g this, there are two policies that present problems: the first, that city governments mismanage curb parking, and second, that city governments required developers to provide free parking or extensive off-street parking (Klein, 2006).
In truth, free parking is not free, since easily the required parking for a business establishment, such as a restaurant, may occupy a space three times that of the establishment itself. In the US, the subsidy to parking may easily reach $127 billion to $374 billion annually, not yet counting curb parking which is either free or underpriced (Shoup, 2005). Furthermore, it makes people feel that they are entitled to free parking as a right.
Free parking and off-street parking, when carried to excess, tends to “increase traffic congestion and air pollution, distort urban form, degrade urban design, increase housing costs, limit homeownership, damage the urban economy, harm the central business district, and penalize poor families (Shoup, 2005:592). More importantly, it has an effect on the demand for public mass transportation facilities. Because parking becomes convenient, there is a general tendency for people to choose to travel in their own private cars, instead of taking public transportation, or even in lieu of cycling and walking (Shoup, 2005:2-3). It was found that in urban neighbourhoods that are required to provide parking spaces, residents were 28% more likely to travel by automobile than residents in areas where parking supply is optional and therefore less (Litman, January 2010). Since private cars would be able to carry travellers from their homes to within close proximity to their destination, the convenience afforded by free parking makes it the transportation medium of choice.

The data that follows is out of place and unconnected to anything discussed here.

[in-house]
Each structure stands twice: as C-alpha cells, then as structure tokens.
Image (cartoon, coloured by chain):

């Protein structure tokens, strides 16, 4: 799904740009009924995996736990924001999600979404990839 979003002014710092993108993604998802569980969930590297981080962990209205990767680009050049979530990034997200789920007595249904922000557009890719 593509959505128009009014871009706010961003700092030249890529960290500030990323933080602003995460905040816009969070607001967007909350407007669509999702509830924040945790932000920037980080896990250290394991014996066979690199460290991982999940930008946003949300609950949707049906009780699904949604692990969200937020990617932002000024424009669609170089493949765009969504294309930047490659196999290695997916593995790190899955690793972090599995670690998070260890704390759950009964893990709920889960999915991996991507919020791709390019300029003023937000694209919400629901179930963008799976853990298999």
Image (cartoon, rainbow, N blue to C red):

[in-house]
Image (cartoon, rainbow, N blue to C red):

Pursuant to Anthony Down’s triple convergence principle, there are three types of convergence: spatial convergence, when drivers tend to come together at peak hours to a principal thoroughfare; time convergence, when more cars elect to